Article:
Any questions regarding the safety of tranexamic acid in patients undergoing cardiac surgery seem to have been put to rest with the ATACAS (Aspirin and Tranexamic Acid For Coronary Artery Surgery) trial. In a cohort of nearly 5,000 patients, the trial concluded that tranexamic acid was associated with a lower risk for bleeding than placebo, without a higher risk for death or thrombotic complications during the first 30 postoperative days.
“There are risk factors involved in any type of surgery, but particularly with cardiac surgery, where there are concerns regarding excessive bleeding and the association between the need for blood transfusion and postoperative complications,” said Paul S. Myles, MD, professor of anesthesia and perioperative medicine at Alfred Hospital and Monash University, in Melbourne, Australia.
“In cardiac surgery, there’s a particular concern with surgical reexploration, which comes at significant additional cost as well.”
For these reasons, antithrombotic therapies are used routinely now in most cardiac settings around the world. “The residual concern has always been that since these drugs reduce bleeding, do they increase thrombotic risk along the way?” Dr. Myles asked.
“There have been quite a few smaller studies and case reports giving the signal that this was indeed possible—particularly myocardial infarction and stroke in patients receiving these agents.”
To gain a better understanding of these possible relationships, researchers in Canada, England, Italy, Australia, New Zealand and Hong Kong enrolled 4,662 patients into the trial; data were available for 4,631. “This was very much an international trial, including 31 sites in several countries around the world,” Dr. Myles noted.
Focus: Death and Thrombotic Complications
The participants—all of whom were scheduled to undergo coronary artery surgery and were at risk for perioperative complications—were randomly assigned to receive a relatively high dose of tranexamic acid (100 mg/kg) prior to bypass (n=2,311) or placebo (n=2,320).
“The anesthesiologist was not always blinded to the treatment,” Dr. Myles said, “but certainly the patients, surgeons and follow-up staff were blinded to the assignment.” The study’s primary outcome was a composite of death and thrombotic complications (nonfatal myocardial infarction, stroke, pulmonary embolism, renal failure or bowel infarction) within 30 days of surgery.
Interestingly, the researchers found that a change in regimen was necessary during the trial period. “During the conduct of the trial, there seemed to be reports of a strong association between tranexamic acid in cardiac surgery and postoperative seizure events,” Dr. Myles said.
“It became apparent that this was likely dose-related. As such, our steering committee decided to change the tranexamic acid dose from 100 to 50 mg/kg.”
As Dr. Myles reported at the Major Trials Session of the American Society of Anesthesiologists’ 2016 annual meeting, a primary outcome event occurred in 386 patients (16.7%) in the tranexamic acid group and 420 patients (18.1%) in the placebo group (relative risk, 0.92; 95% CI, 0.81-1.05; P=0.22). Perhaps not surprisingly, patients in the tranexamic group received significantly fewer transfused units of blood products during hospitalization (4,331 units) than their counterparts in the placebo group (7,994 units; P<0.001).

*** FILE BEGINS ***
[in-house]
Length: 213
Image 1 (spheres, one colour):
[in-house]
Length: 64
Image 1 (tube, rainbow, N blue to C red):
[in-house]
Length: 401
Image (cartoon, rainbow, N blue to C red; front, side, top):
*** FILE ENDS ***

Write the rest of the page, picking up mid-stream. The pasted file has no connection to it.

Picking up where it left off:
“Our analysis showed that the tranexamic acid group received 46% fewer units of blood than those in the placebo group throughout their entire hospital stay,” Dr. Myles said. “The number needed to treat to prevent a blood transfusion was only six in patients undergoing coronary artery surgery.”
The findings also showed that major hemorrhage or cardiac tamponade leading to reoperation occurred in 1.4% of tranexamic acid patients and 2.8% of those receiving placebo (P=0.001).
“We quite clearly showed that there’s a 50% reduction in the risk of reoperation when you use tranexamic acid at the dose we used in the study,” he said. “The number needed to treat to prevent one patient needing a reoperation is 71, which we believe to be clinically impressive.”
Seizures occurred in 0.7% of tranexamic acid patients and 0.1% of placebo patients (P=0.002). “This is perhaps the first trial to ever test for the risk of seizures in this patient population,” Dr. Myles said. “We were able to demonstrate that it’s true: There is, in fact, an increased risk of seizures with tranexamic acid. That’s obviously an important finding in and of itself.”
Given the size of the trial, the researchers also were able to conduct various subgroup analyses, with equally compelling findings. “When we looked at a host of potential risk factors—whether they’re age factors or demographic risk factors, on-pump or off-pump surgery, other medications, baseline kidney function or bleeding factors—there is no particular subgroup effect that would suggest the findings would be any different in any such population.
“Bear in mind that this is also a large multicenter trial with many sites in many countries,” he added. “And even by country, we found no specific treatment effect.”
The researchers included an analysis of cost savings based solely on blood transfusions. The analysis showed a savings of approximately $22,000 per 100 cases using tranexamic acid. “That doesn’t even factor in the cost savings that would come with avoiding reoperation and shorter ICU lengths of stay,” he pointed out.
“So, our primary conclusion from this study is that there is no evidence to suggest that tranexamic acid has any thrombotic risk in cardiac surgery,” Dr. Myles said.
“Given the high dose and the intense outcome assessments in this study, I think we can be more confident and less concerned about the use of tranexamic acid in terms of thrombotic risk in other surgical settings.” The study was published in The New England Journal of Medicine (2017;376:136-148).